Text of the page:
By Ricky Kirpalani
Every investor has their own investment strategy. These investment strategies can range from a highly diversified portfolio to a more concentrated portfolio, where a larger percentage of investments are directed toward fewer companies or industry sectors. While there is no one-size-fits-all approach, the key factors to consider are one’s financial goals and the amount of risk one is willing to take. Although there are some investors that are particularly risk averse and prefer to have a broad-based ownership in 40-50 companies, I believe that strategic concentration in around 12-18 companies with varying weightages is one of the keys to creating long-term alpha. At this point, I would like to strongly emphasis that I reserve the right to be wrong and that increased concentration may lead to concentrated risks as well as losses. This is a case of Caveat Lector (let the reader beware).
A Concentrated Portfolio is about knowledge-based investing
In the words of Warren Buffet, “Diversification is a protection against ignorance.” Even today, just 4 stocks make up c.70% of his Berkshire Hathaway portfolio. Choosing a concentrated portfolio is the mark of an experienced investor who has the courage of his conviction. This conviction is built up through a deep understanding of the selected companies and their underlying intrinsic values, and is a necessary asset, especially when the market goes against you as it often does.
The case for a concentrated portfolio
For the seasoned and experienced investor, a concentrated portfolio can give that extra oomph in their search for alpha. After all, if you have 30-40 stocks in your portfolio, how are you really different from the index?
If a fund has 30 equally positioned investments, each one represents a stake of 3.3%. Even if that investment triples, its impact is muted by its size, adding just 6.67% to the value. If we compare this to an initial position of 15%, we see that a similar increase adds 30%.
In addition, having fewer positions allows the investor the time to study the company as well as react to new information. By monitoring too many sectors, companies, and relevant news, investors can often spread themselves too thin.
Concentration in a long-term serial compounder – the Holy Grail of investing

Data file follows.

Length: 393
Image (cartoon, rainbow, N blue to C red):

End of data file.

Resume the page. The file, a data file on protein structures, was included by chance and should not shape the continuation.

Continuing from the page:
Prior to setting up First Water Capital, I had been mainly managing a personal pool of capital and have long been a proponent and beneficiary of a concentrated investment approach.
One investment example that comes to mind is Polyplex, which at one point represented more than a quarter of the portfolio and played a significant contribution to the AUM growth.
Some of you may be wondering what Polyplex is and why anyone would buy such a concentrated position. Polyplex is a flexible packaging company and, therefore, a proxy play on the highly valued FMCG sector. Flexible packaging is widely used, for instance, to wrap your crisps and confectionery, as well as in many applications beyond food. Essentially, this stock turned out to be one of the Holy Grails of investing – a long-term serial compounder which was, both, a value and a growth play.
Polyplex, at the beginning of 2000s, went from a small Indian player to a top 10 global player in its space. Even as it currently stands, the space is growing at c.4-6% globally and at c.10-12% in India. The Company is a generally debt free, an Indian multi-national with factories across the world, as opposed to simply being export driven. It has multiple Blue-Chip clients and on top of all that, was available, until recently, at less than book value. This to me was a compelling concentrated investment thesis.
These traits, along with other gleanings, led me to build up my position with so much conviction that it became around 25% of the book. And fortunately, it paid off.
Polyplex share price as at 2nd November 2021
(Ricky Kirpalani is the Lead Sponsor & Investment Advisor at First Water Capital. Views expressed are the author’s own. Please consult your financial advisor before investing.)